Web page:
Scrapers are edged tools used in copper plate printing for various purposes such as removing burrs produced when carving the image on the plate, adjusting the tone, deleting the carved lines and finishing the plate mark. Since the cross section of a scraper’s blade is either triangular or three-edged, it is sometimes referred to as sanryoto (three-edged knife).
The blade is gently curved and has a pointed tip. The corners are shaped into sharp edges with which to scrape off the burrs or the parts to be corrected.
When a plate is engraved with a burin, burrs appear on both sides of groove. These burrs are scraped away with a scraper. Scrapers are held with the thumb, index finger and middle finger. The little finger is laid against the plate while the burrs are removed with the blade. When making the plate mark, the edges of the plate are filed diagonally with a metal file, and the shavings are carefully removed with the scraper. Particularly in mezzotint, scrapers are used as a drawing tool. A rocker is firstly used to texture the plate surface and the burrs created in this process are then scraped off with a scraper to draw the image. Various gradations can be produced by adjusting the burr height. In all these processes, the scraper leaves behind a slightly rough surface so a burnisher is used for the finish.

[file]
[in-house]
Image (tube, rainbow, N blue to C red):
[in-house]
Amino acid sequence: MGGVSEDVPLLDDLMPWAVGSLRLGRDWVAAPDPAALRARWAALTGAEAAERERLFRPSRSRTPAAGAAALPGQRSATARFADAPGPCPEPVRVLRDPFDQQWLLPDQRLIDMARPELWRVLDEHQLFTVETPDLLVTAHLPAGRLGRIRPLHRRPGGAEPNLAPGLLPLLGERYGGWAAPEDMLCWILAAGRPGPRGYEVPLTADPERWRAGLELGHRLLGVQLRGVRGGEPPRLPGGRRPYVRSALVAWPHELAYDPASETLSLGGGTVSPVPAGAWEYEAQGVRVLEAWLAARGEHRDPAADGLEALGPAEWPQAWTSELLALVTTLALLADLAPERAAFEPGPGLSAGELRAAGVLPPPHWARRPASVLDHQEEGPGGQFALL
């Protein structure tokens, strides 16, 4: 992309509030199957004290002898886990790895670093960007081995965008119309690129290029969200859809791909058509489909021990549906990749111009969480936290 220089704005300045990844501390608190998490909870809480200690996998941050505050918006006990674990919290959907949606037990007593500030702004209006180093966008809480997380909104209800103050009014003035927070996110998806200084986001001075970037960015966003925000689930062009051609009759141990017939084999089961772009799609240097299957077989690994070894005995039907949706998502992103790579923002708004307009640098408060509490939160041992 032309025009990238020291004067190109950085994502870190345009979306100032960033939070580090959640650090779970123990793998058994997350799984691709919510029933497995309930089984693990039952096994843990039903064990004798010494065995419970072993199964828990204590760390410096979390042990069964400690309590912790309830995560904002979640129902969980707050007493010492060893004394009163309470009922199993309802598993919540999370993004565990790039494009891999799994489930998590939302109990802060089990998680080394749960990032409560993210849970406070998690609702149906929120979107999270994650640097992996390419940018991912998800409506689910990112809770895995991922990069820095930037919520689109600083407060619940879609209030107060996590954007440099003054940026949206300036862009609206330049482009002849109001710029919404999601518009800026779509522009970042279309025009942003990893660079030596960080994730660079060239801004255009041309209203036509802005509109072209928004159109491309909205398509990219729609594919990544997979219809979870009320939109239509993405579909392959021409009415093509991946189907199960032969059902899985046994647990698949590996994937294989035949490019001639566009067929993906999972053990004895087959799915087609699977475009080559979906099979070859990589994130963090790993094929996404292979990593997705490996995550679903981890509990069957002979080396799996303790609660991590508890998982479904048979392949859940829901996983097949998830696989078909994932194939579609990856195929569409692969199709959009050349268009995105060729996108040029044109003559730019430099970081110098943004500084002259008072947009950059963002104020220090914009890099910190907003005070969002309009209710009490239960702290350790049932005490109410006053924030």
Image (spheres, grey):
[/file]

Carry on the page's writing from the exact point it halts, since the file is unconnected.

There are several types of scrapers. Some have a wooden handle, others are made entirely of metal and come with a needle or burnisher on one side. When storing, it is best to wrap it in a piece of cloth soaked with machine oil to prevent the blade from rusting. The edges are sharpened using a sharpening stone, such as an Arkansas oil stone, and some machine oil. For quick sharpening, wet and dry sandpaper can be used as an alternative.
Scrapers can be purchased at art supply stores that handle printing supplies.
- Cross-section and close-up photo of the blade